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dc.contributor.authorNieto-López M.
dc.contributor.authorSánchez-López M.
dc.contributor.authorVisier-Alfonso M.E.
dc.contributor.authorMartínez-Vizcaíno V.
dc.contributor.authorJiménez-López E.
dc.contributor.authorÁlvarez-Bueno C.
dc.date.accessioned2020-09-02T22:24:03Z
dc.date.available2020-09-02T22:24:03Z
dc.date.issued2020
dc.identifier10.1038/s41390-020-0791-z
dc.identifier.issn00313998
dc.identifier.urihttps://hdl.handle.net/20.500.12728/5472
dc.descriptionBackground: This study examined the association between key components of physical fitness with inhibition and cognitive flexibility in preschoolers. Methods: This was a cross-sectional study of 362 Spanish preschoolers. The key components of physical fitness and executive functioning were measured. Results: The partial correlation controlling for body mass index and family socioeconomic status showed that inhibition was positively related to cardiorespiratory fitness. No association was found between muscular strength (i.e., standing long jump and dynamometry) and speed/agility with inhibition or between physical fitness components and cognitive flexibility. The inhibition mean scores were significantly higher in preschoolers with higher cardiorespiratory than in their peers who were in lower categories, after adjustments were made for confounders. Additionally, the results showed that cardiorespiratory fitness was a significant predictor of inhibition, but for cognitive flexibility, age was the only significant predictor. Conclusions: Our data suggest that cardiorespiratory fitness is associated with inhibition in preschoolers. Likewise, our results also suggest that cognitive flexibility is an executive function that is more dependent on changes associated with age at this development stage. These findings are important for supporting initiatives that aimed at stimulating healthy brain development, and promote the improvement of cardiorespiratory fitness at early ages. © 2020, International Pediatric Research Foundation, Inc.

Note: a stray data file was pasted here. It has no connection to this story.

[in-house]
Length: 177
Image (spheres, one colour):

dc.language.isoen
dc.publisherSpringer Nature
dc.titleRelation between physical fitness and executive function variables in a preschool sample
dc.typeArticle


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